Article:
Hi, I'm Neil - A doctor working for the British Antarctic Survey. From November 2016 I'll be spending 18 months living and working at the Halley VI research base on the Brunt Ice Shelf in Antarctica. I'll hopefully give you an insight to what it's like to live and work in one of the remotest places on earth!
Wednesday, 11 January 2017
It's not all work down here (Penguin photos coming up!!)
all - First bit of business, I've had a request for a subscribe button so that people don't have to keep checking for updates. If Blogger's add ons are working correctly you should see a box on the right that you can put your email address into and get an email whenever I post something new - simple.
I will of course continue with Twitter and Instagram posts. If you want to follow me on twitter I'm @HalleyVIDoc and on Instagram: HalleyVIDoc - I try and put a least one picture on Instagram each day. Also I've change the banner image at the top - got a bit tired of it and I'm getting to like my little Brunt ice shelf diagrams. Right enough housekeeping - on with the blog!
So you have probably guessed by the content of the blog so far that there
is a lot of work to do this year. However, we do get some time off now and then
(normal working hours are from 0800 until 1900 Monday to Saturday – we get a 30
minute break in the morning and one in the afternoon and an hour for lunch.
Workload can vary a lot depending on the stage of the move and who is around).
Sundays are our day off and the field guides will often run recreation trips
off station either to the coast to do some ice climbing and meet the penguins
or to the crevasse. Spaces are limited as only 16 people can fit in the two
SnoCats which we use, so there is a sign up sheet which usually fills up pretty
quickly. At the beginning of December – through a combination of
bribery/threats and subtle coercion – I managed to get my name on the list for
the trip over to the Creeks.
are a series of features about 20km north west of the station on the coast –
here the ice shelf has large splits that work their way towards the continent
forming fairly sheltered bays or creeks. The sea ice that forms here is quite
thick and protected from the wind so remains throughout most of the summer.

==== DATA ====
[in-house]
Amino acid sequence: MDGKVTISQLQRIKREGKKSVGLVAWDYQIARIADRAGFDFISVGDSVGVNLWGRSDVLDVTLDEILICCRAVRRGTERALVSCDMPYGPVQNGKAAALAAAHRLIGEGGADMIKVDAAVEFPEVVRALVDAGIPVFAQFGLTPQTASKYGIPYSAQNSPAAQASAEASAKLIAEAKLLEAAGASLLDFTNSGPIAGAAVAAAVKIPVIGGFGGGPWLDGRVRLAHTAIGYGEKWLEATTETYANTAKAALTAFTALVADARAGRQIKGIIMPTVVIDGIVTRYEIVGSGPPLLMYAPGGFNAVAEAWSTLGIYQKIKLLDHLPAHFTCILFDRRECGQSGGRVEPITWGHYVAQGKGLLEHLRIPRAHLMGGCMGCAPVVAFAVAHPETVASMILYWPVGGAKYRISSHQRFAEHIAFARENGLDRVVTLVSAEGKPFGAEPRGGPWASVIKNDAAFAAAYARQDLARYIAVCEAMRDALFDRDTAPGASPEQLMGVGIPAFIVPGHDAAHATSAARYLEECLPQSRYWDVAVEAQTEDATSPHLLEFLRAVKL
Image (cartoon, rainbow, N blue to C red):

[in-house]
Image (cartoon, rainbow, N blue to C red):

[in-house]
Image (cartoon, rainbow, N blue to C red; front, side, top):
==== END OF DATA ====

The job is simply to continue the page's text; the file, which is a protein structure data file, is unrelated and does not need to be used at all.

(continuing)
Snowfall also provides a convenient ramp down from the shelf onto the sea ice.
Tidal movement keeps small crevasses open on either edge of the sea ice which
make great little walls to practice ice climbing on.
(Teaser - The
Creeks will feature again in the next blog – all about relief).
So on the
10 of December last year, 16 of us dragged ourselves out of bed, packed some
sandwiches and a thermos and gathered some ice axes, crampons and helmets and
headed off for the 2 hour drive off base – the vast majority of us promptly
fell asleep again on the way!
quite frankly a stunning experience! A relatively sunny day, ice climbing on
the edge of Antarctica, walking over sea ice and getting face to face with some
emperor penguins. I’m sure the bill to do this sort of activity with a commercial
operation would be in the tens of thousands of pounds and here we are doing it
for free on a day trip!
together a little slide show of some of the (many) photos I took on the day
which you can see here: (it’s about 7 minutes long)
(It’s a bit
tricky uploading large media files through the satellite here – we can do it
but everybody’s Facebook stops when we do, and trust me it’s not worth it. To get
round the problem, our outgoing data manager Mike Krzysztofowics offered to do
a trickle upload to his own server for me which is why the link looks a little
odd – I promise you it will not try to sell you any car insurance.
penguins are very inquisitive and don’t have any real fear of humans. Stay
still and quiet and they’ll come to within a few metres of you and check you
out – when they’re bored they’ll toddle off back to the sea. This time of year
they’re mostly out fishing so there were only a few hanging around on the ice.
Come winter there will be huge colonies of them huddled together sheltering
from the wind.
are strange creatures – catch them at the right angle and they look completely
alien – big eye and thin heads. Then they start waddling and they look so
hope you enjoyed the pics. Something a little fluffier than moving modules at
next time – getting your shopping delivered, Antarctica style.